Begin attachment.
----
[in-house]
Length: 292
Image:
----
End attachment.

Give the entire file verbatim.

[in-house]
Length: 292
Image: